And maybe, just maybe, a mystery might pop up.

I’ve grown to be a rather big fan of Epic! Originals. The most recent I happened to pick up is Brandi Dougherty’s Bark Park, illustrated by Paige Pooler. I’ll admit, with my absolute adoration for all things Epic puts out, Bark Park is one of my least favorites so far. That said, I think this is a series that a great many kids are going to just adore.

Maggie bicycled her legs one more time and then jumped up and ran in wide circles at top speed.

The story follows Scout, a mystery-loving pup, and all of her dog friends at the park. Each chapter exists in what I like to refer to as episodic-esque stories. So, for every chapter you read it’s a brief episode in the lives of these dogs at the park. The “mystery” of the story begins and ends all within the same chapter.

I’m actually rather fond of episode-like stories and I think they’re done well here. The first one, The Popped Ball, is pretty straightforward and predictable. But it’s fun, with everything getting tied up right before chapter two. Each dog has a distinct personality, ones that many dog owners will be able to recognize. To top it all off, there’s even a dog who is dealing with a newborn baby at home and is not too happy about it. I thought this was a fun touch.

“A cone of shame! He’s wearing a cone of shame!”

The Cone of Shame episodic chapter was hilariously sad. I’ve definitely been there with pets of my own who just hated wearing the cone and would do anything they could to get rid of it. I remember coming home to find the cone chewed to bits and my dog happily panting as though proud to have rid himself of the monstrous and embarrassing device. I remember my own anxiety over him continually licking his injury.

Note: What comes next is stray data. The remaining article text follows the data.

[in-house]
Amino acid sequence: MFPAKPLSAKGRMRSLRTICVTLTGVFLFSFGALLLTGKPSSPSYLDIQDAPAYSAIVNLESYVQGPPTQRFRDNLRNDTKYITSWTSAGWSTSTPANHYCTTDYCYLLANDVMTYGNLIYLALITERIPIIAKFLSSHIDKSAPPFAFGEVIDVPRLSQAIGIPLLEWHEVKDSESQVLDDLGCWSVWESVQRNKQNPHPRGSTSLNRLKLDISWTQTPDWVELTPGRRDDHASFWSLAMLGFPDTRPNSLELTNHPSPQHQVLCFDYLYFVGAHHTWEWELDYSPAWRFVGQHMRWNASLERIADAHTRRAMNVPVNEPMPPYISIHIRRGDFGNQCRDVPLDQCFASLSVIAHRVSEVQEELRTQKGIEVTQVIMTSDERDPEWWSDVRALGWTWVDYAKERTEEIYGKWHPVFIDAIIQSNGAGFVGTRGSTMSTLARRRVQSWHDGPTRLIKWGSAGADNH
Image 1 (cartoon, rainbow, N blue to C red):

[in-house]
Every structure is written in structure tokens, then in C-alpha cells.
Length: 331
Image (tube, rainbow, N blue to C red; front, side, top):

Those memories made it really easy to relate in a small way to what was going on in this second chapter. It also made it massively frustrating to watch as all the dogs went out of their way to help get rid of the cone. What I’m grateful for is that this chapter does a great job of impressing upon readers the truth that the cone is there to help. And I think it’s brilliant that kids have an opportunity to learn that removing a cone, even if the dog looks sad, is not a good idea.

“My bone is gone! I buried it right here yesterday. But now it’s missing!”

I’ll be honest, The Missing Bone kind of ties with The Popped Ball for my least favorite of the stories in this book. The thing is, I appreciated the second story the most because it imparted a lesson. Whereas the other two were kind of just mild dog-related mysteries. But, I imagine that children will find great fun in reading about the ball that got popped or the bone that went missing. And I’ll admit that, for this one, the commentary regarding the screaming infant is definitely something new siblings can relate to.

And that’s really nice for kids to have.

All in all, the stories in this book were cute. There was certainly a relatability factor to the stories, which is exciting considering it’s primarily about dogs. I won’t say that I love any of the characters, nor do I feel that we learn more about them other than their distinguishing personality traits. But, I did connect to Maggie, if only because she reminds me very much so of my hyperactive Border Collie.

The artwork is beautiful, too, and I can definitely picture a lot of young and middle grade readers really enjoying getting a chance to read through this book.

🦊🦊🦊

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